The Troxler Nuclear Moisture Meter (Figure 1) is used to detect moisture as deep as 8" into the roofing system in roughly a ten foot by ten foot square. It will peer through all layers of insulation and can be used on all types of roofing systems. On projects where one roof has been installed over another, or on multi layered systems, a nuclear moisture survey is the only moisture detection method that will accurately locate moisture located the bottom layers of insulation installed to the deck. The meter detects moisture in the immediate area of the meter; consequently many readings must be taken over the entire roofing surface to insure that there are no moisture laden areas that go undetected.
Thermography is the use of an infrared imaging and measurement camera to "see" and "measure" thermal energy emitted from an object. Thermal, or infrared energy, is light that is not visible because its wavelength is too long to be detected by the human eye; it's the part of the electromagnetic spectrum that we perceive as heat.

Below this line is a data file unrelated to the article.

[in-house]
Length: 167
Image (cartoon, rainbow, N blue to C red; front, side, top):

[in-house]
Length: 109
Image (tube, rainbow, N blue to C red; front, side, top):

Unlike visible light, in the infrared world, everything with a temperature above absolute zero emits heat. Even very cold objects, like ice cubes, emit infrared. The higher the object's temperature, the greater the IR radiation emitted. Infrared allows us to see what our eyes cannot.
Infrared thermography cameras produce images (Figure 2) of invisible infrared or "heat" radiation and provide precise non-contact temperature measurement capabilities. Nearly everything gets hot before it fails, making infrared cameras extremely cost-effective, valuable diagnostic tools in many diverse applications. And as industry strives to improve manufacturing efficiencies, manage energy, improve product quality, and enhance worker safety, new applications for infrared cameras continually emerge.